Economics is a subject that is normally taught in the high school level in the 11th or 12th grade. It is such an important subject and it doesn’t have to be reserved for just the high school level.
It is something that can easily be incorporated into a math, or history study in your homeschool. This would be especially fun to do if you were teaching economics at the high school level at the same time.
It is important for our children to understand about the different financial systems in the world. With it being an election year and with everything that is happening in the year 2020 they keep hearing the word economy. But do they understand what that word even means? Do they know what an economy is, how it is ran, and how spending and using money can help it grow? Do they know what stimulating the economy is and why it is important?
Just in every day common conversation with our children, we can begin to cover some of the topics of economics. I think economics is a great topic that can be incorporated into a fun unit study or while teaching math, or about government and social studies. Basic economics is a great life skill that can help build a strong foundation for your children to make sound financial decisions when they are older.
Carrie used Bluestocking Press to teach economics to her daughter when she was in high school. Through engaging books and guides, students will learn a lot about economics and how things work with a free market economy.
Here are some fun printables and resources for teaching not just at the high school level:
The Federal Reserve Bank of Philadelphia has lesson plans for teaching economics to children using literature. Homeschoolers just love learning with books. These are broken down by grade levels.
Here are some great ways to teach your kids about economics with tons of videos, books, printables and free resources:
Economics for High School:
The subject of Government and Economics go hand in hand. These are usually one semester credits for high school students. Because of this, they are normally taught one after the other. We almost always teach government and economics in the same year.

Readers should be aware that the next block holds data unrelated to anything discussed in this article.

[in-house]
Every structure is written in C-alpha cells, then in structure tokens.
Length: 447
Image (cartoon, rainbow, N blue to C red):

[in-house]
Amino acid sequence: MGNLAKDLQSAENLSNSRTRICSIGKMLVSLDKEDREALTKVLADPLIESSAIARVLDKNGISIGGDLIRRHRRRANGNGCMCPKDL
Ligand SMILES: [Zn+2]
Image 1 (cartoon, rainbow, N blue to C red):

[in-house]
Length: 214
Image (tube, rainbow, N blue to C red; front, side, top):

When we are teaching economics I also like to include some personal finance in this as well. We discuss spending our money wisely, opening a checking and savings account, why credit cards can be a good and bad thing, and how to create a budget. There are many life long financial skills you can remind your children of and help them to grasp a better understand of finances while studying economics.
The Classroom Economist is an online multimedia platform from the Federal Reserve Bank of Atlanta. There are video modules, Power Point lessons and even quizzes. There are some really good resources here.
The Foundation for Teaching Economics has an entire data base of lesson plans on Economics. They are all broken down by theme and topic and are very easy to find and use.
Sustainable Economics Curriculum a supplementary curriculum for high school economics.
Sarah is a wife, daughter of the King and Mama to 4 children (one who is a homeschool graduate)! She is a an eclectic, Charlotte Mason style homeschooler that has been homeschooling for over 16 years now. She is still trying to find the balance between work and keeping a home and says she can only do it by the Grace of God, and Coffee!
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